Whoopi Goldberg has made the headlines yet again for her harmful, inaccurate, and hurtful comments about the Holocaust during World War II.
The recent incident marks the second time Goldberg has made such comments about the Holocaust, despite her suspension from ABC’s The View earlier this year following hurtful and historically incorrect comments she made about a pinnacle in Jewish, Polish, and German history.
During a live broadcast of The View on January 31, Goldberg infuriated the masses when she stated that the Holocaust “wasn’t about race” but about “man’s inhumanity to man.” During the very next episode of the daily talk show, the Sister Act actress apologized on-air, saying in part:
“I said something that I feel a responsibility for not leaving unexamined because my words upset so many people, which was never my intention. I understand why now, and for that, I am deeply, deeply grateful because the information I got was really helpful, and it helped me understand some different things. I said the Holocaust wasn’t about race and was instead about man’s inhumanity to man, but it was indeed about race because Hitler and the Nazis considered Jews to be an inferior race. Now words matter and mine are no exception. I regret my comments, as I said, and I stand corrected. I also stand with the Jewish people as they know, and y’all know, because I’ve always done that.”
Despite her apology, Goldberg was suspended by ABC shortly after her on-air plea for forgiveness, though her absence was only in force for a little more than a week. However, many fans–and even Goldberg’s co-hosts–grew angry over her suspension.
But despite the inaccuracy of her comments, as well as the hurtful nature of what the actress said about the Holocaust, Goldberg is now defending what she said on The View in January. During an interview during which she promoted her new film, Till, with The Times of London, Goldberg repeated her earlier comments about the Holocaust–even going so far as to defend what she said in January.
During the interview, when Goldberg was reminded that the Nazis believed the killings were about race, she continued to defend her stance.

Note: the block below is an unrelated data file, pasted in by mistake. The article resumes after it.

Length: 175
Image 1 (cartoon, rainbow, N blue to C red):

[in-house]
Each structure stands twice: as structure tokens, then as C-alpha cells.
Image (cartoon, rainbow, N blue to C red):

“Yes, but that’s the killer, isn’t it?” she responded to the interviewer. “The oppressor is telling you what you are. Why are you believing them? They’re Nazis. Why believe what they’re saying?”
Goldberg went on to say that the Holocaust “wasn’t originally” about race.
“Remember who they were killing first,” she said. “They were not killing racial; they were killing physical. They were killing people they considered to be mentally defective. And then they made this decision.” Goldberg further said that being Jewish wasn’t a race like being black since being Jewish wasn’t identifiable.
Goldberg has reportedly apologized yet again for her hurtful and offensive comments about the Holocaust, but many point out that the apology may not be indicative of a change in her understanding of, or talk about, the Holocaust.
During the Second World War, six million European Jews lost their lives at the hands of Germany’s Nazi Party, led by dictator Adolf Hitler, whose regime viewed members of the Jewish community as an inferior race. At the time, the deaths accounted for nearly 1/3 of the world’s Jewish population. Nazis also murdered five million non-Jews as well, believing those they murdered were inferior, thus rationalizing their heinous acts of torture and genocide. In all, 11 million people lost their lives at the hands of the Nazi regime.
Even today, some members of the Jewish community, including Jewish leaders, face the threat of rising antisemitism in places around the world.